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Public Vocal For and Against Pit Bulls

ELLENVILLE – The village may seek a part-time animal control officer in light of a recent rash of pit bull attacks, the Village Board decided Monday.

The recommendation by Mayor Jeff Kaplan came after several residents came out in favor of, or against, "dangerous" breeds.

Lucy Muller said a muzzle law would be a good idea, or having male dogs neutered, which she said would calm their temperament. "We shouldn't be intimidated," she said.

Sally Minich agreed. "I have lived here for about 30 years and I've always enjoyed walking and riding my bike, and people would ask me, 'Aren't you afraid of walking?' and I'd answer, 'No, I'm not afraid.' I've never been afraid, but lately I've been afraid." She said she is a dog lover but recently noticed an influx of young people owning pit bulls, and it worries her. She had a dog jump on her recently and realized how powerful a dog could be. "If I'm out walking and a dog jumps on me, there's nothing I could do," she said.

Kim Wolf and Thaddeus Stringer of Stanfordville said they were considering moving to Ellenville but that a breed-specific ban on pit bulls would turn them off completely from the idea. "There is no scientific evidence that one breed of dog will harm someone more than another," Wolf said. "It's the owner that makes a dog dangerous."

Several people at the meeting agreed.

"I have two pit bulls; my brother has a hundred-pound pit bull, friendliest thing in the world," said Miguel Caraballo. "You should go after the owner (if a dog is aggressive)."

Angelo Montalvo said that parents of these young people who own pit bulls should face the consequences if an incident occurs, but he added that he disagrees with a muzzle law. He suggested that after two leash violations, the village should impound the dog.

Building Inspector Brian Schug stepped out of his official position for a moment to tell of an experience he had last summer with a pit bull. He and a police officer friend were in his friend's front yard when a pit bull jumped out of a window of a neighboring house and charged at them. It backed them up against the garage door and there was nothing they could do until the dog's owner called it off. "There's a fear factor that people in Green Acres have now," Schug said. He told Wolf and Stringer that it is pit bulls that are causing the problems in the village, not German shepherd dogs or other breeds. "They (the board) need to be real about this," he said.

Village Manager Mary Sheeley, a local business owner, agreed. She said that a tremendous number of people are congregating downtown with pit bulls and other large dogs, and that it deters customers from shopping at local shops that are already struggling. "You need to control where the dog is and control its actions," she said. She said in Suffolk County, owners are required to insure their dogs. She said the town clerk can require proof of insurance before issuing a license to a dog's owner.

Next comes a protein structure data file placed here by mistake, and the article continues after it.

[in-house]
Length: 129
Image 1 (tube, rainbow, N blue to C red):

Wolf reiterated that pit bulls are not inherently dangerous, and that resources and education should be made available to owners. "I've been taught that I can't look at the color of a person's skin and know that this person is going to injure me because I heard it on the news that minorities are dangerous," she said. But that is exactly what the board is doing with pit bulls, she said.

Deputy Mayor Raymond Younger disagreed with her. "The purpose of this law is to protect the health, safety and well-being of people in the village," he said. "I think the whole board agrees any dog can injure, but what brought this to a head was the three incidents that happened that allegedly (involved) pit bulls."

Kaplan suggested beefing up downtown foot patrols and enforcing leash laws and the Agriculture & Markets Law, which governs aggressive dogs and their owners.

Chief Phil Mattracion said that officers have been working on educating dog owners downtown with copies of the local leash law and pooper-scooper law.

Bryan Gordon said he thought insuring dogs is a good idea, as it puts the responsibility on the owner. "If your dog decides to do something and you can't control him, it's a problem," he said. Kaplan distilled the hearing down to two issues: Insuring a dog and hiring a part-time animal control officer. The village calls in the town animal control officer when needed, but Kaplan said he felt it was time for the village to have its own.

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